A small tree with white spring flowers and edible fruit, American plum is a good replacement for the wildly invasive callery pear. Plums vary in size and sweetness, but are more nutritious and often tastier than store bought plums. As with all Prunus species, American plums hosts many insects including coral hairstreak, Eastern tiger swallowtail, red-spotted purple, azure, and viceroy butterflies! Will sucker by habit, but can be maintained as a single tree. At least two genetically distinct individuals are needed to set fruit.
Light: Full Sun, Part Sun/Shade
Soil Moisture: Mesic, Dry Mesic, Dry
Soil Type: Loam, Sandy Loam, Rocky Loam
Bloom Color: White
Bloom Time: Mar-Apr
Fruit: Edible fruits mature in Aug.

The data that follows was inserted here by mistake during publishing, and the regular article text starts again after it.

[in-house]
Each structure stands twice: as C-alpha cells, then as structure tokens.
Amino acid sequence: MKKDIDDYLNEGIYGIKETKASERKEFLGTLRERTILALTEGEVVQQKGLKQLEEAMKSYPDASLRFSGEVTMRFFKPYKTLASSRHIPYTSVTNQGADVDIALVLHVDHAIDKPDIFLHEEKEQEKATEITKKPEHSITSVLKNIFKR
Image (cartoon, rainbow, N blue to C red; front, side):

Fall Color: Yellow, Red
Root Type: Branching
Notable Wildlife Interactions: Flowers attract bees and flies. Hosts a variety of insects including moths such as the wild cherry sphinx and white dotted prominent, leafhoppers, borers, and some smaller insects. Fruits are eaten mainly by mammals, namely red and grey fox, but occasionally are foraged by fruit eating birds.
Notes: Fruits are more comparable to cherries than store bought plums- generally an inch in diameter and range from sweet to sweet tart. Can be eaten raw but are more often used in jams and pies. One of the many thicket species cultivated and maintained by pre-Columbian Native Americans. The closely related Shawnee plum (Prunus munsoniana) may be a historic cultivar of Prunus americana.